Month: February 2011

What do India’s cities need?

One of the worst aspects of Indian democracy is that power is often lodged at the state rather than the city level, and states are often dominated by rural voters who, just as in the U.S. Senate, have far more representation per capita.  India's cities need more control over their own destinies.

That is from Ed Glaeser's Triumph of the City: How Our Greatest Invention Makes us Richer, Smarter, Greener, Healthier, and Happier.

Assorted links

1. Why an eBook?; "Mr. Cowen…says the ability to swiftly release something with “a lot of intellectual content but without the padding of many books” harks back to a time when pamphlets discussing new theories and ideas about economics were churned out regularly."

2. Will Hutton on TGS in The Guardian.

3. An Ice King married a Snow Queen.

4. Referee report on Plato's Euthyphro.

5. Do Arab Islamist parties lose on purpose?

6. The universal translator is here, p = 0.

Credible commitment to demonstrated virginity loss?

Several Circassian men boasted to me that they had kidnapped or "stolen" their wives, in order to force them to marry them.  At first I was shocked, but the situation was not in fact what it sounded like.  Far from being effectively the rape of an unwilling woman, Circassian bride-stealing is a strategic step taken to force her unwilling parents to agree to her getting married.  The stealing is ritualized, and accompanied by a volley of gunshots to alert the parents that it has happened.  The couple would never be alone together, and the groom's uncle would normally be employed as an emissary to sound out the prospective in-laws.

If they relented — which they almost always do — and agreed to the match, she would return home immediately, and the wedding would be prepared.  If they did not agree, she would go to live with the groom's uncle until the wedding.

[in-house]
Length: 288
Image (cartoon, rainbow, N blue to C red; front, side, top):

That is from Oliver Bullough's Let Our Fame be Great: Journeys Among the Defiant People of the Caucasus.

World of Snow and Ice

Daily Mail: At first glance it looks like a graphic from a Discovery Channel programme about a distant ice age. But this astonishing picture shows the world as it is today – with half the Northern Hemisphere covered with snow and ice.

The image was released by the National Oceanic And Atmospheric Association (NOAA) on the day half of North America was in the grip of a severe winter storm.


Addendum: It's a cool picture, that is all.

Why are so many islanders obese?

Via Chris Bodenner, Joshua Keating reports:

What really sets the size of these islanders apart is the size of their islands: Tuvalu, Palau, Nauru, and the other countries on the obesity list are among the world's smallest countries in terms of land area and population. So a single tourist resort, fast-food chain, or trade deal has a much more profound effect on society than it would, say, in India or Nigeria.  

Could it be something about Polynesians?  After all, there are some hefty Maori in New Zealand and that is not a small island, especially not measured in economic terms.  Mexico (not Polynesian, of course) also has a growing obesity problem and that cannot be attributed to the island factor.  The same is true of the Persian Gulf states and there Keating suggests very rapid modernization as a culprit.